Thu, 03 Dec 2020

SYDNEY, Oct. 23 (Xinhua) -- If one arm temporarily immobilized due to injury, people still can increase the muscle strength and reduce muscle loss without touching it by doing exercise in the opposite one, Australian researchers reported on Thursday.

The study conducted by researchers from Edith Cowan University (ECU) in Australia and their international colleagues could lead to a new way of rehabilitation and improve outcomes for post-injury and stroke patients.

During the study, researchers made experiments on 30 participants who had one arm immobilized for a minimum of 8 hours a day for four weeks.

Some of them were instructed to do a mix of eccentric and concentric exercises, some with eccentric exercise only and the rest of them had no excise at all.

In eccentric exercises, the contracting muscle is lengthening, such as when lowering a dumbbell in bicep curls, sitting on a chair slowly or walking downstairs. While in concentric exercises, muscles are shortening such as when lifting a dumbbell or walking upstairs.

A researcher, Prof. Ken Nosaka from ECU's School of Medical and Health Sciences said the group that only performed the eccentric exercise on their active arm showed an increase in strength and a decrease in muscle wastage, in their immobilized arm.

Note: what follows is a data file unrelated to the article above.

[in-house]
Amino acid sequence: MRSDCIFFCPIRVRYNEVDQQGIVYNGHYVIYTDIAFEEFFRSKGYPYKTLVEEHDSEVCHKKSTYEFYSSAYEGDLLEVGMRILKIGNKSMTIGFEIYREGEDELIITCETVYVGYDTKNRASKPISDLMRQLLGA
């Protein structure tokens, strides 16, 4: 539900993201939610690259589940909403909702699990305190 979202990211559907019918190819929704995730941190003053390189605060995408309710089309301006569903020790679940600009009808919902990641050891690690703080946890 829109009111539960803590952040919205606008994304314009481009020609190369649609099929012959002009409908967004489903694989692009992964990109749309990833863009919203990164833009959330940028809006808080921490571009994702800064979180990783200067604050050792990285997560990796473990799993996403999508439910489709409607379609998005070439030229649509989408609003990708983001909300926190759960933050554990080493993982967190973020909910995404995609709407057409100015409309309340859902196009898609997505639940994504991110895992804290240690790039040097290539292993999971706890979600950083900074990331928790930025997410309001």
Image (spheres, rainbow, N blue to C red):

"Participants who did eccentric exercise had the biggest increase in strength in both arms, so it has a very powerful cross-transfer effect," Nosaka said.

"I think this could change the way we approach rehabilitation for people who have temporarily lost the use of one arm or one leg," he added.

"By starting rehab and exercise in the uninjured limb right away, we can prevent muscle damage induced by exercise in the other limb and also build strength without moving it at all," he noted.

Nosaka said he is hopeful their findings could also help a wider range of people with immobility problems due to injury or sickness.

"In the future, we hope to look at how eccentric exercise can help improve motor function, movement and fine muscle control, which is particularly important for stroke and rehabilitation patients," he said.

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